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With a budget deficit of $18.5-billion, your provincial government is strapped - but not so strapped that it can't find a quarter of a billion in the pocket lint to pay some Frenchmen to set up a new video-game studio in Toronto.

Premier Dalton McGuinty says that a $263-million grant to highly profitable French game developer Ubisoft will create 800 jobs over 10 years. "By investing in Ubisoft, we're building Ontario's economy now and for the future," said the premier at a slick announcement this week, looking all new-economy in an open-necked shirt.

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If that kind of talk makes an alarm bell go off between your ears, no wonder. Again and again, governments have argued that they simply must spend public funds to attract, save or nurture one kind of leading-edge industry or another.

Aerospace was once a government darling, too. Think of all the millions that went into keeping Toronto's de Havilland Canada aloft. Next it was biotechnology, a favourite of Mr. McGuinty's Liberal government, which is credited by biotech firms with providing more than $3.2-billion for research and innovation. More recently, the "creative" industries have been in vogue. Remember the $6-million that Toronto and the province put up for the Lord of the Rings musical? (It flopped.) And don't forget that subsidy sponge, the auto industry. We all know how that turned out.

Gaming has become the new apple of Mr. McGuinty's eye. Ontario, he argues, can't afford to be left behind in the global competition to build a diversified, knowledge-based economy. "This is an anchor investment," he said. "It will catapult us a great distance forward."

Video games are a $68-billion global industry, growing at around 10 per cent a year, even in the depths of recession. It employs bright young things, pays them nicely and builds on Toronto status as what Ontario calls "the third largest television, film and digital-media cluster in North America."

Underwriting a thriving company such as Ubisoft that can already boast $111-million in annual profits may cause some taxpayers to raise an eyebrow, but "it's a competitive world out there," says Mr. McGuinty, and digital media is a "surefire winner."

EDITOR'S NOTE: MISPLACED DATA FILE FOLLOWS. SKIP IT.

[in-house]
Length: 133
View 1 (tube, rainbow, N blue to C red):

Is it? Ubisoft executives say they are in love with Toronto and promise to spend $500-million of the company's own money here, which is awfully big of them. But game developers are a footloose bunch, jumping from place to place in search of talent and government handouts.

Many of those new-media types now active in Canada were lured here from Europe. Britain's industry is steaming over Canada's talent piracy and the British government is considering tax measures to lure developers back.

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Who is to say they won't jump across the pond when the tax picture changes. Or when currency-exchange rates make Canada less desirable. Or when all that government money helps inflate salaries for the creative people that game developers need.

That sort of thing is already happening right here Canada. Prince Edward Island, for example, is fighting to keep Longtail Studios, a small but successful developer, from relocating to Nova Scotia for tax reasons.

Even if Ubisoft were to stay in Toronto forever, there would be reason to doubt whether it makes sense to splash so much money on it.

That quarter-billion has to come from somewhere, much of it from good Toronto businesses that don't have the buzz factor to attract an open-collared premier. Their tax burden will rise, and their business will suffer, while the cool kids in the video-game industry collect government cheques.

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